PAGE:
Southworth & Hawes. (1845).  Captain Jonathan Walker's Branded Hand . Daguerreotype.

Southworth & Hawes. (1845). Captain Jonathan Walker's Branded Hand. Daguerreotype.



In 1845, a photograph of Jonathan Walker’s palm was taken. Walker was tried in Florida for attempting to smuggle slaves out of the state. He was sentenced to imprisonment and was branded on his hand with the letters “SS” denoting “Slave Stealer.” After his release from prison, Walker found the photographers Albert Southworth and Josiah Hawes to photograph his hand, which he then proceeded to distribute as an act of protest against the court ruling. He reinterpreted the SS mark in the photograph to stand for “Slave Savior.”[21] Walker and the two photographers, counter to the genre of still-life at the time, photographed a hand that would not stay silent. They hoped that a spectator would be aroused by the photograph and show responsibility towards the ongoing injustice of the time. Azoulay’s civil contract of photography has existed since the very beginning; it is not dictated by a ruling power, even when this power attempts to control photography. This contract is a hypothetical, imagined arrangement and it takes into account all the participants in photographic acts—camera, photographed subject, photographer, and spectator – none of them alone can determine its sole meaning.[22] The insider/outsider label focuses on the photographer as the primary source of power and may be used as a tactic in the face of uncomfortable work, rendering the spectator free of responsibility. Azoulay writes:

“Every photograph of others bears the traces of the meeting between the photographed persons and the photographer, neither of whom can, on their own, determine how this meeting will be inscribed on the resulting image... Even when it seems possible to name correctly, in the form of a statement, what it shows—“This is X” – it will always turn out that something else can be read in it, some other event can be reconstructed from it, some other player’s presence can be discerned through it, constructing the social relations that allowed its production.”[23]

 Azoulay suggests that if the subject of a photograph is a person who has suffered some form of injury, then we extend beyond an exercise in aesthetic appreciation, reconstructing the photographic situation and the harm inflicted on others. This is a civic skill that is of particular importance when examining issues between groups that have been politically-rendered as insiders or outsiders: citizens, non-citizens, and those treated as second-class citizens. This skill can only be activated when we understand that citizenship is not a status, but an obligation to recognize the injuries inflicted upon others who are governed along with the spectator. Citizens and noncitizens alike are governed and by that fact, belonging to the citizen group, one naturally takes part in dominating and oppressing noncitizens.[24]


 Anne Paq. (2007).  Jerusalem .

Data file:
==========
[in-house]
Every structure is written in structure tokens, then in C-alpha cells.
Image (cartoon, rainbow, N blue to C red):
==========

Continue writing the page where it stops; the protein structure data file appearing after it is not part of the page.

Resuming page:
Anne Paq. (2007). Jerusalem.


Citizens cannot be equally governed, Azoulay writes, if they are governed alongside others who are not governed as equals. She considers female citizens in Israel and Palestinians living in the territories occupied by Israel since 1967. The former are citizens whose citizenship is impaired, and the latter are noncitizens who have been ruled by Israeli authorities alongside Israeli citizens but are deprived of fundamental rights and excluded from the ruling power. The nation-state re-territorializes citizenship, providing protection to those declared as citizens and discriminating against noncitizens who are governed with them in the same territory by the same power. Photography, on the other hand,

“Deterritorializes citizenship, reaching beyond its conventional boundaries and plotting out a political space in which the plurality of speech and action is actualized permanently by the eventual participation of all the governed. These governed are equally not governed within the space of photography, where no sovereign power exists.”[25]

 The civil contract of photography is a borderless citizenship. It is limited, temporary, and never final. For Azoulay, citizens and noncitizens document the ongoing brutality towards Palestinians through photography. We might also consider the increase in mobile live streaming and social media to capture and distribute photo- and video evidence of police violence in the U.S. Even as the photo incriminates, the power that enables racialized police violence seems largely unaltered. When we post, repost, and share, we become involved in the web of gazes and become a part of the public that the live image is addressed to. Here we satisfy Azoulay’s demand to watch the image rather than see it and to read it as a reality of still being there, unfolding in real time. But rarely do the images themselves seem to maintain their status as evidence in a courtroom. Perhaps, according to the media scholar Tyler Morgenstern, this is not a failure of the photo itself, but an asymmetrical encounter between the photograph and the systems of mass incarceration, policing, and structural impoverishment.[26] Still, photography is one of the only practices that individuals can establish distance from power, in order to observe its action and not be its subject. It is, according to Azoulay, “The right to enact photography free of governmental power and even against it, if it inflicts injury on others who are governed.[27]